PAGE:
Astronomers have discovered a new kind of galaxy in the early universe, less than a billion years after the Big Bang. These galaxies are forming stars more than a hundred times faster than our own Milky Way. The discovery could explain an earlier finding: a population of surprisingly massive galaxies at a time 1.5 billion years after the Big Bang, which would require such hyper-productive precursors to grow their hundreds of billions of stars.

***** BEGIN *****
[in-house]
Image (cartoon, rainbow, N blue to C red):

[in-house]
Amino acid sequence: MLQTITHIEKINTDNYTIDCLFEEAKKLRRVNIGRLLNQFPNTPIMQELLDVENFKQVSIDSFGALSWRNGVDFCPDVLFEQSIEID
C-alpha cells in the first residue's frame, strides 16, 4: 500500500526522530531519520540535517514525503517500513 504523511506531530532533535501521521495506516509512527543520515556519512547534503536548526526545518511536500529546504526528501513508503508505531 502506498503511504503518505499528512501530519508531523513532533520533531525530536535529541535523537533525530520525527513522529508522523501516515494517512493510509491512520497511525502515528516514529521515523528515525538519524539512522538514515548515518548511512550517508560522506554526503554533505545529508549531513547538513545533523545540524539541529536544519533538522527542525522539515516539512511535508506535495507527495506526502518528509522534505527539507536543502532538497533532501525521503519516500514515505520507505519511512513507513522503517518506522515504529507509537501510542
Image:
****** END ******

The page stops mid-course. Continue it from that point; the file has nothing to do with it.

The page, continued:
Stellar explosions are most often associated with supernovae, the spectacular deaths of stars. But new ALMA observations provide insights into explosions at the other end of the stellar life cycle, star birth. Astronomers captured these dramatic images as they explored the firework-like debris from the birth of a group of massive stars, demonstrating that star formation can be a violent and explosive process too.